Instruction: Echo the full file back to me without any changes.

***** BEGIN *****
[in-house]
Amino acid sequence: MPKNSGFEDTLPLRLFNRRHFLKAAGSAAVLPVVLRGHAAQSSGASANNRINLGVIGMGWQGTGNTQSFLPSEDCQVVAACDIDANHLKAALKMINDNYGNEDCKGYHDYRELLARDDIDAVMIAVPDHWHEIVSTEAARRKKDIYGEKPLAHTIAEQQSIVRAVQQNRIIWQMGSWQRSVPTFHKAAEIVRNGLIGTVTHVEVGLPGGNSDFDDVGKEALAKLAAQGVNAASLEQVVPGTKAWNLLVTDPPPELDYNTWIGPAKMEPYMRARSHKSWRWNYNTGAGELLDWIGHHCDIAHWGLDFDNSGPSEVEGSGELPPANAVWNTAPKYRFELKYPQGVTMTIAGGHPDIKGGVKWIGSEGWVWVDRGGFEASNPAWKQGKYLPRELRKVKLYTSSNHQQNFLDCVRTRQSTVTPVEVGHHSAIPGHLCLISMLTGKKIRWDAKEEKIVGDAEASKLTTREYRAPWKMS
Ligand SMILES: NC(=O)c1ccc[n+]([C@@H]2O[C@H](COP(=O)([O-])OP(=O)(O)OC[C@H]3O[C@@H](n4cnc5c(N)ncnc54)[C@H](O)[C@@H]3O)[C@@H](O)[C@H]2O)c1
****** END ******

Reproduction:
[in-house]
Amino acid sequence: MPKNSGFEDTLPLRLFNRRHFLKAAGSAAVLPVVLRGHAAQSSGASANNRINLGVIGMGWQGTGNTQSFLPSEDCQVVAACDIDANHLKAALKMINDNYGNEDCKGYHDYRELLARDDIDAVMIAVPDHWHEIVSTEAARRKKDIYGEKPLAHTIAEQQSIVRAVQQNRIIWQMGSWQRSVPTFHKAAEIVRNGLIGTVTHVEVGLPGGNSDFDDVGKEALAKLAAQGVNAASLEQVVPGTKAWNLLVTDPPPELDYNTWIGPAKMEPYMRARSHKSWRWNYNTGAGELLDWIGHHCDIAHWGLDFDNSGPSEVEGSGELPPANAVWNTAPKYRFELKYPQGVTMTIAGGHPDIKGGVKWIGSEGWVWVDRGGFEASNPAWKQGKYLPRELRKVKLYTSSNHQQNFLDCVRTRQSTVTPVEVGHHSAIPGHLCLISMLTGKKIRWDAKEEKIVGDAEASKLTTREYRAPWKMS
Ligand SMILES: NC(=O)c1ccc[n+]([C@@H]2O[C@H](COP(=O)([O-])OP(=O)(O)OC[C@H]3O[C@@H](n4cnc5c(N)ncnc54)[C@H](O)[C@@H]3O)[C@@H](O)[C@H]2O)c1